An essential part of using Twitter for professional growth is looking for opportunities when you can move online interactions to in-person meetings.
This is one of the best things about Twitter! Of course it’s a privilege reserved for those of us who live in (or travel to) bigger cities. But I would highly recommend it. I’ve met up with people from Twitter maybe ~three dozen times and never once had a bad experience. A few “meh” experiences, sure, but nothing outright negative.Kevin Simler (@KevinSimler), software, data, and automation, Hexagon Bio, author*
Meeting Online Friends
When I move cities Twitter is the best way to make new friends. A tweet leads to a couple hundred meetings. So it solves the loneliness problem for me.Sahil Lavingia (@shl), founder and CEO, Gumroad*
These meetings are with people you’ve had repeated interactions with online over tweets or DMs and who you’re very familiar with. Don’t be afraid to initiate these 1:1 interactions and suggest a casual meeting over coffee or invite them to an event you’re already attending! This can also be a good practice when you’re traveling to a new city. Reaching out to people to move from online to offline can be daunting, and starting with online friends can help break the ice.
Sometimes people reach out to me, sometimes I reach out to them. Usually we already have a pretty consistent basis of mutual interaction online—we follow each other, we like each other’s tweets, we’ve replied to each other. A lot of the people from IRL Society are from Twitter.Jackie Luo (@jackiehluo), software engineer, Square
Small Community Gatherings
If there’s a small or large web of people you find yourself interacting with, and who interact with one another, suggest a meetup.
Reaching Out to Potential Collaborators
The great part of the platform is you can have banter with people you know have similar interests before you move to the private DMs. This makes the transition much more natural. I usually will reach out after a few back-and-forths on something on the platform, DM them and say I think they have interesting thoughts on X topic we bantered about, and if they’d be open to chatting more over a coffee. This has an incredibly high success rate and has helped me more professionally and personally than anything else in my life.Nikhil Krishnan (@nikillinit), Strategic Partnerships Manager, TrialSpark*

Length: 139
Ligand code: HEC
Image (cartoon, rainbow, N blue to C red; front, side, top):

Seek out and message people who are playing infinite games and whom you can envision working with long-term.
Danielle Morrill (GM, Melato @ GitLab) and Andy Sparks (Co-Founder and CEO, Holloway), previously founded Mattermark together as a result of meeting online.
Rather than scouring Eventbrite or Google for interesting events to attend, take note of the events mentioned by some of the people who follow you or whom you follow. Attend events and conferences based on where you know interesting people you follow will attend or speak at.
Meeting Twitter Folks at Events
Before and during the event, add the conference tag to your username so it’s simpler for people to invite you to meet in person at the event and vice-versa.
“I literally just DM people to hang out. If I’m traveling I’ll do an open announcement, modify my twitter name to say ‘Visa in City Aug 5–16’ or something like that. Mutuals tend to hit me up if they’re traveling to Singapore, where I am.” —Visakan Veerasamy (@visakanv), co-founder, JIBABOM!
Meeting Complete Strangers
People may reach out to you about meeting when you’re not familiar with them. For instance, a student or new grad seeking advice over coffee. Always assess risk even if offers to meet feel harmless and non-threatening.
danger While many people have amazing experiences with meeting online friends, there’s always the risk of crossing paths with people who are nothing like they appear to be online and who may be truly dangerous. Exercise caution when meeting up with people you don’t know. Always default to meeting in public spaces and be incredibly cautious when it comes to disclosing your address, where you’re staying if you’re traveling, or meeting at your home.
Twitter can be an amazing tool for professional growth, but it can be a dangerous place, too, and we know that the risks keep a lot of people off the platform altogether. We’re releasing this excerpt first because it’s important to recognize that it isn’t all upside. The platform is getting increasingly polarizing with more people finding themselves on the receiving end of harsh criticism, personal attacks, and harassment. This resource can help ensure that your time on the platform is as safe as possible, for your own physical and mental health, that of your followers, and for your career.
This section will answer questions like:
“Is it safe to engage with your critics on Twitter?”
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